The Burns Way
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Greetings from The Burns Way!

Thank you for signing up to receive updates on the progress of The Burns Way. Since we launched the website in July, we have seen over 4,000 unique visitors from around the world and now have over 200 subscribers to receive these messages. This is encouraging and certainly gives us the impression that The Burns Way is resonating with a very broad audience.

It has been some time since we last connected, so we are writing to provide you with an update on our work on getting The Burns Way onto the veteran services “menu” to support veterans and their families.

We believe that the anonymous platform that will be offered by The Burns Way will address the “anonymous majority” – those veterans who are hesitant to reach out for help if it means being identified. The connections will always be anonymous from the veteran user’s perspective. They will also retain complete control of the interaction: peer supporters are NOT anonymous, so the veteran seeking support will be able to select the peer based on criteria that they determine to be important: regiment, branch of service, language, culture, sexual orientation, etc. This “micro-cohorting” is unique to The Burns Way and will connect users to peers with whom they feel a high level of trust.

There has been significant traction gained, and we are very confident that we will be able to launch the program in 2024.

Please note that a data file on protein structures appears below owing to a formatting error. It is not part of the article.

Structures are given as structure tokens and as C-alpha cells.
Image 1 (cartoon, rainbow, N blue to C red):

Below are a few highlights of our accomplishments:

  • The family of Earl Burns Sr. formally granted permission for The Burns Way to use their family name to memorialize him in this project. We had a chance to meet Mrs. Burns and her brother, who is a veteran, in November. The whole family has embraced the tribute to Earl Sr., and it was humbling to hear their story.
  • In October, The Burns Way was formally registered as a not-for-profit corporation. We will be establishing a fiduciary Board of Directors, and Mrs. Joyce Burns, Earl’s widow, will be offered an ex-officio seat at the Board table. This was an important step in the evolution of the project. We are committed to transparency and inclusion in the work to be done, and the creation of the not-for-profit ensures an environment that is accountable to the people it is designed to serve.
  • We are pleased to share that we have received support from many significant veteran services organizations, including our signatory partners, the Legion, Aboriginal Veterans Autochtones, Saskatchewan First Nations Veterans Association. In the past few months, we have added True Patriot Love Foundation, Rainbow Veterans of Canada, NATO Veterans Organization of Canada, Army, Navy, Air Force Veterans in Canada (ANAVET), Veterans House, and Mood Disorders Society of Canada. We are grateful for these votes of confidence. These partners represent the interests of over 300,000 veterans from all corners of the veteran community.
  • We have engaged in preliminary conversations with the staff at Mood Disorders Society of Canada (MDSC) about adapting their peer advocate training programs for use by The Burns Way. MDSC is widely regarded for its outstanding contributions to building capacity so that veterans and their families can receive support from peers with lived experience. We have heard time and again about the importance veterans place on connecting with others who have served, and we are committed to furthering this access.